B Branch More than 1 year ago
Steve, yr readers show far more creative thinking than management at any track I've attended...yet only WO showed any evidence anyone is listening..on top of that, it is NO surprise the KY legislature can't make an intelligent business decision...good bye EP & TP ownership would be economically wise to follow suit.
p ensign More than 1 year ago
Hi Steve: You never really answered your own question about why the p-6 paid so much more than the parlay at Hollywood on Friday- in my opinion it's simply that only one favorite, of either the morning-line or post-time variety, in the sequence won. With a secondary reason that some of the other winners weren't able to be isolated and used collectively with the one 4-5 shot that did win. Q: How often do we see a string of six $9-14 horses in a row result in a carryover, when three 8-5s, a 3-1, and two $45 bombs result in a payoff on anywhere from 2 to 52 tickets? A: More than most might believe. I always laugh when the TVG guys get all excited after a $68 dollar horse wins one race and start speculating about the inevitable carryover. Your a,b,c,x methodology notwithstanding, there are players who are able to hit large payoffs with a "single, single, single, single, all, all-" or "single, single, single, all, all, all" strategy that necessitates choosing excellent standouts and then relying on chaos theory to bring unexpected results in wide open events and even better, the rare wheelbarrow score. I don't know how much information you're able to find out about the tickets that do get played, (although I know that from time to time when a huge payoff is made, the actual construction of the ticket is made public), but if you have access to computer printouts of, for instance, the 55 tickets that were alive that night, I know some people certainly wouldn't mind seeing how they were drawn up... thanks as always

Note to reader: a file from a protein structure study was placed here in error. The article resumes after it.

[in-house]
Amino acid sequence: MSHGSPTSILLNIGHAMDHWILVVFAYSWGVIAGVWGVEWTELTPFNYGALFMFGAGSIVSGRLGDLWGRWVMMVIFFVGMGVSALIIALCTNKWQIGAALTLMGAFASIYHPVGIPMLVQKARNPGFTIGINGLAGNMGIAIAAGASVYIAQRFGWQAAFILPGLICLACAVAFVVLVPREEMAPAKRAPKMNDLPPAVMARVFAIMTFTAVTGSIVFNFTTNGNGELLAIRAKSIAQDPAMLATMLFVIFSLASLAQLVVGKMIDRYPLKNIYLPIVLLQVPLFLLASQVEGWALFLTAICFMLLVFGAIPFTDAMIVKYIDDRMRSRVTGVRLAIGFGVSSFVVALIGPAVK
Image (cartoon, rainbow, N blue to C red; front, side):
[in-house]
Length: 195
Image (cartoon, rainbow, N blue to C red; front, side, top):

B-Square More than 1 year ago
As DRF points out, CD opens the gates for historic PM racing and staffs poorly, i.e., management continues to mismanage customer service. Their only concern appears to center around slot machines. For on track handle and concessions, Spring/Summer/Fall P.M. racing @ all tracks appears to make sense, at least during the week....it is certainly worth the experiment.
e_s More than 1 year ago
Hey Prozacjack--perhaps you should appreciate Buckley's dig at the Harvard faculty in context--he went to Yale.
Eddie Walker More than 1 year ago
Rich, You hit the nail on the head regarding Santa Anita. The Pro Ride surface is by far the worst of the synthetic tracks and has comprimised, what was one of the finest race meets in the country. The only racetrack that has benefited from the installation of synthetics is Turfway Park because they race in harsh winter conditions.
Dan MacKenzie More than 1 year ago
arcstats - the racing operation you describe was run in 1975 at Roosevelt Raceway. I agree that the time has come for low-overhead racing run strictly for remote wagering. It needs to augment a facility - not be a subsidized millstone - as racing has become in many jurisdictions: ********** NY Times; March 4, 1975 Roosevelt Struck, Races Go On for OTB; Strike Closes Westbury facility, but Races Go On WESTBURY, L.I., March 3 In the solitude of an empty track, Roosevelt Raceway staged an eerie program of harness racing tonight after pari-mutuel ticket agents had gone on strike and forced the track to shut its doors to the public.
PGM More than 1 year ago
Tommy, According to the Form's M. Farrell, at http://www.drf.com/news/article/104768.html Studart is injured and out indefinitely.
Hammer More than 1 year ago
A little off topic, but interesting to OTB issue: Last week Inter-track partners closed the only OTB in Chicago's Loop ( business district). This was the third most profitable OTB in the state. Located two blocks from the train, many bettors would stop by on the way home. I also ate lunch there hundreds of times over the years. Now closed.
SherpaGuide More than 1 year ago
A nightime Derby would not be about the crowd at Churchill, its about TV. What a great idea. I host a Derby party every year for friends that only watch the Triple Crown, and people like that would love a Derby on Saturday night. Every sports bar across america, mom and pop watching TV at home on Saturday night...the ratings would be huge...and the pools even bigger!